In 1932, Mademoiselle Coco Chanel presented a little-known exclusive collection in Mayfair’s historic Grosvenor Square over a fortnight. The collection, comprised of 130 garments, was surprisingly made solely from British textiles.

It came shortly after Coco had founded British Chanel Ltd, a short-lived venture, lasting only a year, that saw several textile manufacturers work alongside the brand to bring British women the best of Chanel’s pioneering designs. The press applauded: “Paris has shown us how to wear British” and the show attracted royalty and society women alike. This whisper of fashion history and more broadly Coco Chanel’s relationship with Britain is a tale rarely told, but this autumn the Victoria & Albert museum is shedding light on this love affair for the first time in a new retrospective.

The first UK exhibition dedicated to the work of the French couturière, ‘Gabrielle Chanel, Fashion Manifesto’ charts the 60-year evolution of Coco’s unique design style and the establishment of the House of Chanel. Brought together in partnership with Palais Galliera, the exhibition reimagines and expands on the acclaimed 2021 opening in the birthplace of Chanel in Paris – welcoming 122 new pieces; some never-before-seen.

Featuring over 200 looks in total, the exhibition is set to open with one of the oldest surviving Chanel garments, the Mariniere Blouse cut from fine-gauge silk jersey and dating back to 1916. The use of this practical fabric, back then mostly used for underwear and stockings, set the tone for what Coco Chanel would go on to achieve. With collared details inspired by that of fishermen's pullovers, the iconic blouse was a symbol of Chanel’s desire to merge functionality and chic, masculine and feminine.

Other standouts in the exhibition will be a section dedicated to the iconic fragrance Chanel No.5, which celebrated its 100th year anniversary in 2021, as well as the inclusion of a series of shimmering Chanel costume jewels. Adorned with pearls, camelia blooms, gemstones and interlocking CCs in abundance, from the 1920s onwards, Chanel shunned conventions of fine jewels and took costume jewellery to new heights. Made in collaboration with the likes of Goosens and Gripoix, these unique pieces have rarely been exhibited.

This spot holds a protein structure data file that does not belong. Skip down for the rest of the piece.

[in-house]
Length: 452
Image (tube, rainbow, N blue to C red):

“The exhibition showcases the period right up until her final collection in spring / summer 1971, when Gabrielle Chanel reinterpreted, updated and perfected her design codes to continuously refine her quintessential style,” says curator Oriole Cullen.

Previous fashion retrospectives in the hallowed halls of the V&A have been widely successful. In 2019, the gallery honoured Parisian pioneer Christian Dior with a glimmering exhibit that traced the legacy of the couturière, and catapulted audiences into the contemporary world of Dior – think Maria Grazia Chiuri’s ‘We should all be feminist’ t-shirts; the daring designs of artisan John Galliano in the 1990s and early 2000s and Raf Simons whimsical vision for the heritage house. While 2015’s Savage Beauty, a homage to the late Lee Alexander McQueen, offered an emotional and compelling insight into the rise (and fall) of one of this generation's most exceptional designers; each room rooted in the retelling of McQueen's deeply poetic inspirations.

We can expect the momentous opening of ‘Gabrielle Chanel. Fashion Manifesto’, to continue this unparalleled understanding of the tastemakers that have shaped the way we dress today. Offering new perspectives on fashion and style and answering the questions of why we wear what we wear.

The exhibition opens on Saturday, 16 September and tickets go on sale in June. Find out more at

By Augustine Hammond